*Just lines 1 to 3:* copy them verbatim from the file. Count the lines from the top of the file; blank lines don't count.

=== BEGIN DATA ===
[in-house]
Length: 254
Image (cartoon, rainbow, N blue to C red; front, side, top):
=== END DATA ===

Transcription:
[in-house]
Length: 254
Image (cartoon, rainbow, N blue to C red; front, side, top):